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Watchdogs? More like dormice! Time to make them sackable

Regulating the regulators?Two contemporary cases highlight perfectly how accountability has become a byword for impunity. It is almost incredible that Paul Flowers, the disgraced former chairman of the Co-op Bank, was appointed after one 90-minute interview, even though he was a financial illiterate (he estimated the bank’s asset base at £3bn when actually it is £47bn) and had disclosed a criminal conviction. His appointment was waved through by a member of the FSA (Financial Services Authority) who did not bother to quiz Flowers’ 1981 criminal conviction for gross indecency on the grounds that it was irrelevant to the role of bank chairman!

It is perhaps even more incredible that the man who performed such a skimpy and peremptory interview is now, not sacked for negligence and incompetence, but rewarded wit the post of senior director at the new Financial Conduct Authority! Clive Anderson, the interviewer concerned, defended his decision to appoint on the grounds that Flowers was able to control the Co-op Bank’s large and unruly board, as though basic banking experience were was not essential or at least no more than a useful add-on. As if all that were not enough, financial services firms still operate under the now utterly discredited Approved Persons Regime.

Then there is the discovery by the BMJ via FOI requests that the drinks industry had no less than 130 meetings with the Department of Health official and ministers in the period leading up to the government decision in July last year to drop plans to introduce Minimum Unit Pricing which Cameron himself had said could cut 900 alcohol-related deaths a year. The net result of all this ultra-intensive lobbying was that ministers decided instead to ban the sale of alcohol at below-cost price – the very measure that the industry itself wanted, with Lynton Crosby, Cameron’s own controversial election strategist, credited with having a major role in the decision. This makes it all too shockingly clear that big business and profits are trumping concern for the nation’s health. And in some senses this case is even more serious than the Flowers debacle because the offending agent here is not an incompetent regulator but the government itself.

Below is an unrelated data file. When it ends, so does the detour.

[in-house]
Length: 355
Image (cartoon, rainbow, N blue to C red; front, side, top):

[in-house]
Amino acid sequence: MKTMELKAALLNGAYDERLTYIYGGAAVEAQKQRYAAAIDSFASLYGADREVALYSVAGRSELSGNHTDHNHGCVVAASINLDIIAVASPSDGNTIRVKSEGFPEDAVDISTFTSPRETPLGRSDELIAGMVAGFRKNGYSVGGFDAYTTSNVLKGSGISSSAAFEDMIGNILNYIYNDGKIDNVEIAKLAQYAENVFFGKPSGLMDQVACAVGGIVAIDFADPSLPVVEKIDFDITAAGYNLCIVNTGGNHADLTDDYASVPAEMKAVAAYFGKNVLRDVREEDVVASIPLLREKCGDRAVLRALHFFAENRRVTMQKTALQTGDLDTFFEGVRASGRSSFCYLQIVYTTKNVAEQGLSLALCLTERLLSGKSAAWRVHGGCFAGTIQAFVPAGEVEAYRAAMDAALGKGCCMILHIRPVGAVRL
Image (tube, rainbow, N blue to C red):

So what should be done? This is another area where Parliament, whose central role is to hold the government to account, needs to assert its powers. First, the appointment of every key regulator, even if the initial nomination comes from government (i.e. from the Prime Minister’s office, as advised by the civil service), should have to be ratified by Parliament (i.e. the appropriate Select Committee) before the appointment could take effect – as happens with Congressional hearings in the US. That means that the regulator responsible could later be summoned back before Parliament and required to justify his action, as in this Flowers case, and failure to do so satisfactorily could lead to his dismissal.

Second, since government cannot be trusted to act in the public interest, there should be a regulator appointed, not by the Executive, but by Parliament to oversee the workings of departments delivering public services, to investigate complaints, to initiate inquiries, and to make an annual report to Parliament which would be the subject of both public and parliamentary debate.

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